Conventional imaging obstacles that PSMA-PET overcomes

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Jaideep S. Sohi, MD, discusses the challenges with the use of conventional imaging in prostate cancer and how PSMA-PET alleviates these issues.

In this video, Jaideep S. Sohi, MD, discusses the challenges with the use of conventional imaging in prostate cancer and how PSMA-PET imaging alleviates these issues. Sohi, is a nuclear medicine physician with Northwestern University and American Molecular Imaging.

Transcription

PSMA-PET imaging has had a tremendous impact on the diagnosis and management of prostate carcinoma. Standard conventional imaging consists of 4 main modalities: CT, bone scan, ultrasound, and MRI. These are all very valuable imaging modalities; they come with some benefits and drawbacks. One of the biggest drawbacks of bone scan is that you really need the PSA to be quite high before you can see anything meaningful on the scan. CT scans are used widely on a daily basis; however, one challenge with CT is that depending on the field of view you’re using, you may not input the entire patient's body. Another challenge with CT is that we know that two-thirds of the lymph nodes involving prostate carcinoma may not be considered enlarged by CT criteria, so there is a possibility that we will not identify nodal metastatic disease when using CT. Then we have MRI and ultrasound which are wonderful modalities. We use them again quite extensively. The challenge with them, however, is that they are only useful for evaluation of the pelvis and the prostate gland and not the whole body. And so, with PSMA-PET imaging, we now have a modality that can evaluate the whole patient in soft tissues and bony structures from skull to thighs.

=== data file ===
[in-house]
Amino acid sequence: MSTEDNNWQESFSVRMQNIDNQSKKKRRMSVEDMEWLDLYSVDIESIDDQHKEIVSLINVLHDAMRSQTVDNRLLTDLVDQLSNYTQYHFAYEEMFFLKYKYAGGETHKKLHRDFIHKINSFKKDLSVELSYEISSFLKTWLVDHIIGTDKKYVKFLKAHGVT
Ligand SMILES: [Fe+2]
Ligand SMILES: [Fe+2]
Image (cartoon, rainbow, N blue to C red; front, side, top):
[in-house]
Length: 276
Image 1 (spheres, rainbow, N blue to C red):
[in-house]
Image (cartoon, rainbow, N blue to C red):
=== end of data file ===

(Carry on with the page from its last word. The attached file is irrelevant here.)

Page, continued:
Transcription has been edited for clarity.

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